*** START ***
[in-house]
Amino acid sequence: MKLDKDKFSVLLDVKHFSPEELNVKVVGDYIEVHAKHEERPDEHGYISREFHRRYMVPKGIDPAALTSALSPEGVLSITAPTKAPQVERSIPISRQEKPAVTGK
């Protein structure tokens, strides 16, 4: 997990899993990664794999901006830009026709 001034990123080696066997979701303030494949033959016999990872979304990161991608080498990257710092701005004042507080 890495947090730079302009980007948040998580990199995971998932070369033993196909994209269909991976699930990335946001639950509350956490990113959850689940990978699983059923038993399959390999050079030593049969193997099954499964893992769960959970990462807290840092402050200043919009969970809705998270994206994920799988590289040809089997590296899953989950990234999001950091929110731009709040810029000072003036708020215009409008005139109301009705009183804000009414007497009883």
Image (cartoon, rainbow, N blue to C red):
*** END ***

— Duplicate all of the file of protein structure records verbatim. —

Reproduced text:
[in-house]
Amino acid sequence: MKLDKDKFSVLLDVKHFSPEELNVKVVGDYIEVHAKHEERPDEHGYISREFHRRYMVPKGIDPAALTSALSPEGVLSITAPTKAPQVERSIPISRQEKPAVTGK
């Protein structure tokens, strides 16, 4: 997990899993990664794999901006830009026709 001034990123080696066997979701303030494949033959016999990872979304990161991608080498990257710092701005004042507080 890495947090730079302009980007948040998580990199995971998932070369033993196909994209269909991976699930990335946001639950509350956490990113959850689940990978699983059923038993399959390999050079030593049969193997099954499964893992769960959970990462807290840092402050200043919009969970809705998270994206994920799988590289040809089997590296899953989950990234999001950091929110731009709040810029000072003036708020215009409008005139109301009705009183804000009414007497009883």
Image (cartoon, rainbow, N blue to C red):